A worker sweeps the Des Moines Register Soapbox at the Iowa State Fair on Thursday in Des Moines. (John Taggart/Bloomberg News)

Imagine watching a horse race in slow motion. Maybe you’re a racing aficionado or maybe you have a lot of money on one of the ponies but, for whatever reason, you’re very invested in knowing the outcome. As the horses round the first corner — slowly — you’re examining the positioning closely. You’re poring over high-definition video footage of how the horses are running, where the jockeys are leaning, how their footsteps are landing in the dirt. There’s a lot of time left, but given the stakes you can’t take your eyes off what’s happening.

Welcome to presidential primary polling.

We are, as of writing, about half a year away from the first voting in the 2020 Democratic presidential primary. There’s an enormous amount of time left in which any number of things can happen. And yet political obsessives and candidates rip apart new polls like the handicappers in our imagined scenario, looking for any indication of where and how the candidates are moving against one another. This is not meant derogatorily: We do it, too.

(In fact, we even have an animated version of the 2020 contest as a horse race, just to get that out of the way.)

It’s all interesting and the stakes are obviously enormous. It’s just that … we might want to be wary about reading too much into things.

Since 2008, the states of Iowa, New Hampshire and South Carolina have held 15 party primary contests. Of those 15, only five times were the eventual winners leading in state polls taken as far out as we are now from those contests.

Consider Iowa. Only in 2016 did the eventual winner, Hillary Clinton, lead this far out. But this was actually one of the least predictive results: Her lead was about 30 points, but Sen. Bernie Sanders (I-Vt.) essentially ended up closing the race to a near-tie.


(Philip Bump/The Washington Post)

In New Hampshire, polls this distant from the 2020 primaries were better. Three times, the eventual winner led in the polls this far out. One exception was Hillary Clinton, who led in New Hampshire but ended up losing the state. The other exception was in 2008, when John McCain trailed for most of the primary season.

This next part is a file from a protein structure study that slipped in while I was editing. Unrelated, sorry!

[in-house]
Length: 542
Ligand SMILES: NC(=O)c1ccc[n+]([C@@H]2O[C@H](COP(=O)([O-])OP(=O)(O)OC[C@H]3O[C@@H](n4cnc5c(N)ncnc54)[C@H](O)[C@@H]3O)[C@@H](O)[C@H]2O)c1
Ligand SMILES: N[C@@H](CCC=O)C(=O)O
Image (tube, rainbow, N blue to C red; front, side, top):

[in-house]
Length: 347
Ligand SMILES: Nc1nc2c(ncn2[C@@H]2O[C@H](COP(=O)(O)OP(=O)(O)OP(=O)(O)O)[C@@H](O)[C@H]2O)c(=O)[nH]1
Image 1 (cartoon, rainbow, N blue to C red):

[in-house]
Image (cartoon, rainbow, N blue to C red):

(Philip Bump/The Washington Post)

In South Carolina, Clinton was again the only eventual leader who was winning at this point. Donald Trump, who won the state in 2016, surged into a lead that he’d end up maintaining soon after this point, but the other three candidates who won the state only gained ground later on.


(Philip Bump/The Washington Post)

You’ll notice that we’ve also included markers indicating where the contests ended up. In three of those 15 contests, even the final polling averages had the eventual winner trailing. The final averages in the five Iowa contests were an average of 4.6 points off. In New Hampshire, 4.1 points. In South Carolina, 8.8 points.

New Hampshire tended to have the most consistently accurate polling for the eventual winners since 2008. Iowa and South Carolina were generally more accurate now than they would be in a few months.


(Philip Bump/The Washington Post)

Notice on that chart all of the volatility at the end of the graphs. This is always worth keeping in mind: The results of one contest shape the results of other contests. Winners in Iowa tend to get a boost in New Hampshire and so on. People drop out. Things shift quickly once people start voting.

It’s like watching that slow-motion horse race knowing that, once the first horse crosses the finish line, there’s a brief tremor which causes the horses to stumble and shift. But nonetheless, here we are, watching each quivering muscle and obsessing over each jockey’s every move.

Because it’s interesting. Just be wary of placing bets midrace.